However, things quickly shift to the worst when a group of supervillains attack Lucas' home and kill his neighbors and his mother. Driven by a want for justice, Lucas joins his father and begins his training. However, things quickly begin to fade from a clear black and white to a grey area when Lucas sees just what lengths his father goes to to fight crime. Coupled with a rather unnerving encounter with his father's former sidekick and a series of mysterious deaths, and our protagonist is suddenly unsure of who to trust.
As an analysis of the Legacy hero concept, "Legacy" performs above average in terms of its story. The ideas about what makes a Legacy Hero, coupled with a rather troubling look into the psyche of a superhero pushed over the edge by life, makes this a very introspective read for superhero fans. If I have one complaint, it's the details, or rather, the lack thereof. Seriously, you have to wait until he actually reveals his identity to Lucas before you learn the Raptor's symbol is a bird's claw. You also never learn what Talon's (previously mentioned sidekick) costume looks like in any significant detail. I can understand how a comic writer can fail to note such things, since details like design are usually left for the artist to interpret. Still, in a novel, especially a superhero novel where the images have to be formed in the reader's mind, details delivered timely and en-masse are preferred.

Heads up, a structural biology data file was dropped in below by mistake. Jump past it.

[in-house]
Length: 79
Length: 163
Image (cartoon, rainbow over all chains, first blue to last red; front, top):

In all, I totally recommend this to fans of superheroes. It's a worthwhile little read that will definity make you ready to tackle an army of gang members in Zombie Makeup.
(Personal note: Who the *&@$ designed the hardcover? I mean, I'll admit the paperback is kinda dated with the 90's style rubber-suited superhero, but at least it makes sense. The Hardcover is so random, I can't possibly guess what the book is about. Good call Bluefire for picking a more traditional cover. WTTW though; the book says Raptor wears a cowl, not a domino mask. And, again, actual design details would have eleviated our author's mistake in the book by making Raptor's appearance clear on the cover.)
Tom Sniegoski always does a great job with reluctant heroes, especially those who are teenaged. There's a lot of shaky ground you have to navigate when you're stuck in that limbo period when you're not a kid any more but you don't feel like an adult yet. In Legacy, Sniegoski uses that to his advantage, contrasting Lucas' admittedly dead-end but comfortable life and lack of motivation with that of his father, an ailing billionaire who is secretly acting as a vigilante superhero known as the Raptor. If you enjoyed Sniegoski's previous books, especially The Fallen books, you should definitely check out Legacy.
But the plot does move quickly, which is essential in a short novel like LEGACY. Lucas encounters a former protege of Raptor and begins to realize that his dying father is concealing dark secrets. Sniegoski develops an entertaining origin for Lucas, and I like his helpers - a teenaged girl and a crippled old man. I'd be enthusiastically recommending it to comic book fans if it weren't for that pesky use of a hated trope.